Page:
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Our news plan for Tuesday’s newspaper literally came apart shortly after 3 p.m. Monday.

That’s when the first reports of an explosion near the finish line at the Boston Marathon started to move on Twitter. A minute or two later, reports of a second explosion.

Minutes later, reports of injuries — first a few, then a dozen injuries, then a death and then more than 100 hurt, many critically.

Our thoughts immediately turned to the 21 runners from Southwest Florida and their families. Were they safe? How could we assure their friends and families back home that all were OK.

How do we find them?

We knew we would get the breaking national story from USA Today or The Associated Press. Our focus had to be on our Southwest Florida connection.

Sports Editor Ed Reed had gone to BAA.org, the official Boston Marathon site, on Friday to find all the names of our runners on its database. We ran a story on Monday listing all our local runners who qualified for the marathon and details of the race.

Reed kept track of our runners through the race and was tabulating their placement and times. So, he knew who had finished and who was still out running at the 4 hour 10 minute spot of the race — the time the bombs went off.

He only had a couple of phone numbers. It was a start. He then went to a public database site, Lexis Nexis, looked for names from this list to get phone numbers. We found a few more numbers of local runners that were in the same running club as those locals running in Boston.

We also used our in-house network of runners. They knew people and they connected us to more runners and more running organizations. The contacts were growing and we contacted a few of them in Boston.

Now, social media kicked in with our News-Press Facebook page. We had four Boston Marathon-related posts, with a combined reach of 11,427 viewers.

We continued to update on Facebook as we found more and more runners. We began receiving messages from followers showing how much they cared.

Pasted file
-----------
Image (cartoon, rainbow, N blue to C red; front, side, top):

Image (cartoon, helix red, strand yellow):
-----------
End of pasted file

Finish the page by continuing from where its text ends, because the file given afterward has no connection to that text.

From reader Ken Franklin: “Good for you, News-Press for doing this.” It affirmed an opportunity to do a public service for our community amid this tragedy.

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Engagement Editor David Plazas then posted on Twitter an update on our runners, which was retweeted eight times. On Facebook, he made a post about the fact that we were tracking our local runners.

Through that stream, Facebook friend Stephen Hooper told us that Cindy Matthes-Loy was alright. Plazas messaged him that we would like to talk to her. She got that message from yet another friend. Cindy called us immediately and talked to our reporter, Marisa Kendall.

We kept updating and posting all afternoon and into the evening. One post would lead us to another name, another number, another person. Information started to pour in and we got more and more messages.

We kept getting encouragement that showed people were watching.

From Marti Blase Van Veen: “Great job with the updates!! Thank you for doing this. Such a sad day......”

From Jeffrey George: “Thank you for the updates.”

Millie Lugo: “Thank you God for protecting them. Hold close to your heart those affected and their families.”

We continued to search Facebook and more and more people started posting what was happening. Within minutes of the explosions people had posted on a local runner’s page. They were interested in how he was and he wanted to get the word out that he was OK.

More and more posted, sharing their thoughts and prayers. It was like a wave had been created in this social media space because of this one event.

By 9 p.m., we had reached all the runners, posted on Facebook and online that they were all OK and safe. It took many people many hours to get this story. It took old-fashioned reporting and a never-surrender attitude. It also took a great understanding on how to use the social media tools.

Since the cellphone signal was so jammed in the Boston area, we depended and corresponded through Facebook. We were able to not only learn information but began interviewing runners through the Facebook chat, for example.

We always used Facebook and Twitter but this opened our eyes to exactly how helpful these tools were in gathering the news and finding people in a short amount of time. This became our lifeline on this horrific day.

At the end of this terrible day, we informed and connected with family and friends that looked to us to help them.

And that felt pretty good.

Terry Eberle is executive editor of The News-Press.

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